Bridge Financing can Ease Closing Day Stress
Bridge financing could have saved the day last month when a series of disasters on closing day caused three related real estate deals to fall apart.
When a bank pulled the financing from one buyer at the last minute, it caused all the deals to fall apart because each one was contingent on the previous seller getting the money to close their own sale. This is what real estate lawyers refer to as a train wreck.
If bridge financing had been used, it is likely that this could have all been avoided. In a typical bridge situation, the buyer closes their purchase a few days before their sale. They go to their bank and ask for a loan, to pay for the entire purchase, with the understanding they will repay the loan as soon as their sale closes. The interest is usually prime plus 3 or 4 per cent per day. By closing a few days early, the interest cost is typically $100 to $200.
One of the benefits of closing a few days early is that you can slowly move into your new home. I have heard plenty of stories where buyers are moving out and moving in on the same day and while they are packed up at 1 p.m., they cannot get into the new home until after 6 p.m., resulting in additional moving costs, since you typically pay by the hour.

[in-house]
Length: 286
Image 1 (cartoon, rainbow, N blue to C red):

In my client’s situation, we were fortunate to be able to extend their purchase agreement because our seller did not need the money on closing to buy another property. Still, the sellers could have cancelled the contract and sued for the deposit and any losses that they may have incurred in any resale of the home. In order to extend the closing, my clients had to pay interest on the money owed to the seller during the period of the extension. They also had to pay extra moving and storage costs because their furniture had already been picked up from their home when they found out that the deals could not close.
You might wonder how a lender can cancel a loan at the last minute. You would be surprised how often this happens. When a buyer is pre-approved for financing, or even given a commitment from a lender on a specific purchase, it is still conditional on the buyer satisfying all of the lender’s conditions before the closing. This could include providing proof of income, employment letters, as well as proof that they have the entire down payment from their own resources, and are not receiving it from third parties. If there is any suspicion on the part of the lender that their conditions have not been properly satisfied, they have the right to cancel the loan, even at the last minute.
If you are considering selling and buying on the same day, first ask your seller whether they need the money to buy another property. Ask the same question of the person buying your home. If the answer to either question is yes, consider closing your purchase a few days earlier and obtaining bridge financing so that you do not become involved in your own train wreck.
Buying and selling on the same day is normally a stressful experience even if it all works out, but by taking extra precaution, you can avoid unwelcome surprises later, provided that everyone is properly prepared in advance.
Mark Weisleder is a Toronto real estate lawyer.
Contact him at firstname.lastname@example.org .